We were able to take a closer look at Inkbit’s new 3D print production system.
The Boston-based company made news last year when they revealed their unusual VCJ (Vision Controlled Jetting) 3D printing process. VCJ involves uses high resolution inkjets to selectively deposit up to four different materials, layer by layer.
That might seem typical among material jetting processes, but VCJ adds some sophistication. The process involves use of vision-based AI tools to monitor the progress of each layer. Should something be amiss, for example a stuck jet or material movement, the system can take action immediately to recover the print and continue successfully.
The Vista VCJ system prints within a large 500 x 250 x 200 mm build chamber, suitable for low volume production runs.
One very interesting aspect of VCJ is that one of the materials could be used for support. Inkbit has been using a wax material for this purpose, as you can see in this image.
For this job, the Vista took around 12-13 hours to complete printing. VCJ is pretty fast, reaching speeds as high as 16mm per hour.
The post processing of a VCJ print is interesting. The first step is to melt the wax support material away, which occurs at only 60C. Inkbit representatives told us this process can take up to 24 hours to complete.
After that stage the loose parts are rinsed for 30 minutes, followed by sintering to form solid parts.
Unlike some other production 3D printing processes, Inkbit’s VCJ does not have a warm up or cool down period that can occupy a significant chunk of the workflow. This could be a notable factor for companies choosing a production AM system.
Perhaps the most interesting aspect of Inkbit’s system is that it is able to produce volumes of multimaterial parts efficiently. Above we see a complex component that is made from two different materials.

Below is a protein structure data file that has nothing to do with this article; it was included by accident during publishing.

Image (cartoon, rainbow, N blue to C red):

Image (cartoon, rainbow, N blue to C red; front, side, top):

The company has also developed a series of resin materials for use with VCJ, including an interesting elastomer. This stuff has a shore hardness as low as 25A, which is extremely soft. This part was made from the material, and it was large (30cm across), heavy and quite floppy. There are applications that require highly flexible materials of this type.
Inkbit also offers a high impact material that’s resistant to UV exposure, as well as high temperature materials that can be used in thermally stressed applications, up to 120C.
Inkbit has taken a number of steps to make their system more compatible with production environments. For example, the resin tanks are huge, containing 80L of resin, allowing for long production runs. The resin tanks are also safety oriented, as they have quick-connects that prevent spills and exposure to toxins by operators.
We were told they’ve also begun development of automation systems to simplify the work required to handle post processing using a conveyor belt approach. While this has yet to be completed, the idea is quite complementary to their focus on production applications.
Their first machine install at a customer began a couple of weeks ago, and this week they announced the system is now operational. Inkbit said:
“Inkbit announced today that the first of its kind Vista production additive manufacturing system is now operational at the Saint-Gobain Research Cross-Business R&D Center, a multidisciplinary research site developing processes and products for global businesses across numerous industries.”
My thought is that Inkbit’s unusual VCJ process and materials offer manufacturers a good option for low volume production. The combination of high throughput, quality controlled results and automation could be irresistible.